In the future, The City grows like a virus, endlessly in all directions, humans long since having lost control of the automated systems designed to run things. Those same systems now see views humans as ‘illegals’ to be purged, so flesh-and-blood survivors are caught between the city’s murderous defense systems and the need to find food. One group of humans, though, is on the hunt for the existence of someone with a genetic marker that they believe will allow for access to the city’s control systems—a hunt lead by Killy, a synthetic human who might have the key.
Star Trek wasn’t really a going concern in 2009, with Enterprise having been cancelled for want of ratings years before. Then along came J.J. Abrams, blending a nostalgic revisiting of the original series cast with retro-modern style and updated sci-fi action (a trick that’s he’s had mixed results with elsewhere; it works perfectly here). Chris Pine leads a solid cast in a fast-paced movie that also serves as a swan song (very nearly) for Leonard Nimoy’s Spock.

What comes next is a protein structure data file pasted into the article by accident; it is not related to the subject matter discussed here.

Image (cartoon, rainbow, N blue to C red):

This woefully under-appreciated tower climber sees Karl Urban’s stoic Judge Dredd fighting his way toward Lena Headey’s criminal kingpin, who sits atop a 200-story tower block in the middle of ultra-violent future metropolis Mega-City One, part of a United States devastated by nuclear war. With a dry satirical tone and a purity to its commitment to violence, it’s impressive, entertaining, and a hell of a lot better than the one with Sly Stallone.